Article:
Dr. GoodCents: Personal Beliefs and Childhood Lessons about Money

Written By:


shutterstock_128056871A clinical psychologist with nearly 30 years of experience, Dr. Shapiro is ready to answer questions, offer advice and share strategies to help you alleviate the mental stresses of money management. Send your question to GoodCentsDr@gmail.com and it may be answered in an upcoming column!

Here’s a question for you: Why do you think what you think about money and material possessions?

It’s not an easy question because it’s multi-layered. You probably have logical reasons for your money-related beliefs, but with emotionally potent issues like this one, logic might be just the tip of the iceberg. The deeper layers usually evolve from past experiences with money and material things, especially during childhood. Frequently these meanings are partly unconscious—but we can become aware of the deeper layers if we do some self-exploration.

The way to learn about the origin of meanings is to wonder about them in a free-floating, exploratory way, be patient and curious, and follow our memories, associations, and feelings where they lead.

[Check Your Credit: Don’t Guess. Know.® Get your free credit report and score. No credit card required.

Here are some questions it might be interesting to think about:

  • What are your first memories related to money and material things? A piggybank? An allowance? Asking your parents for money? Saving up to buy something?
  • Did you feel you received enough, or did you feel deprived during your childhood and adolescence?

Your answer to this second question might have a particularly strong influence on your current, adult attitudes toward money and material things. However, this influence is not necessarily simple and predictable; it can go in different directions.

Some children who grow up poor or felt deprived become over-spenders as adults because, no matter how much they buy, they never feel they have enough. Other children who grow up feeling poor or deprived become adults who are frightened to spend money, so they take frugality to a maladaptive extreme. There are no rules for things like this, but that doesn’t mean self-exploration is a hopelessly confusing process, because we can each learn about the unique ways in which our experiences have influenced the development of our beliefs and attitudes.

Here are some more questions to think about.

  • How did your parents and family members deal with their own money and possessions? What were their feelings, beliefs, and behaviors? Were there conflicts? If yes, for whom did you feel sympathy?
  • What did your parents and family members say to you about money and possessions? Were there values or principles they wanted to teach you?

Past experiences do not directly affect today’s behavior, but the lessons learned from past experiences do travel through time to influence how we feel and what we do today, no matter how long ago the learning occurred. It is enlightening to identify the life lessons we brought from childhood into our current life.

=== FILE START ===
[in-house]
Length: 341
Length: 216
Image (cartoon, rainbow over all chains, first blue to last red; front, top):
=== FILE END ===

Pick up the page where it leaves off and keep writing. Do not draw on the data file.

Parental Influences

Our parents influence the development of our money-related emotions and behavior in many ways. It is within parent-child relationships that we first develop a sense of whether life offers plenty, scarcity, or something in between; whether we are deserving or undeserving of nice possessions and fun activities; and what we must do to acquire the good things in life: Work hard? Obey authority? Be patient and save? Just be ourselves?

As we internalize our parents, aspects of our relationships with them crystallize into aspects of our selves. In this way, what began as an interaction between two people becomes an internal dynamic within a single person.

Two Aspects of Self: Desiring and Deciding

The example of internalization most relevant to us here is the way parental giving and withholding—the way parents respond to our needs and requests—becomes internalized as the relationship between what we might call our Desiring Self and our Deciding Self. Interactions between these two self-components comprise much of what goes on in our minds, consciously or unconsciously, during those moments of decision about spending versus saving.

A healthy balance between these two aspects of self is like a healthy parent-child relationship: There is a wise, kind, firm Deciding Self, and a Desiring Self that likes to have fun but can take no for an answer because of faith that important needs will be met at the right time, in the right way. This is the type of dialogue with ourselves that makes thrift comfortable.

Connections between Your Past and Present

Not everyone is lucky enough to have this type of smooth, effective relationship between their desires and their judgment. Many different factors can throw off the balance between the Desiring Self and the Deciding Self, which will cause problems in money-related feelings and behavior, whether self-deprivation, over-spending, a combination of the two, or other difficulties.

Do you see connections between the lessons about money and material things you learned in the past and your financial emotions and behavior in the present? If these connections support money-related functioning you like, there is nothing to do but appreciate your self-knowledge. If the legacy of your past has caused problems for you, there are constructive steps you can take to address these problems. Stay tuned to our next column to learn how to move from self-understanding to self-change.

[Check Your Credit: Don’t Guess. Know.® Get your free credit report and score. No credit card required.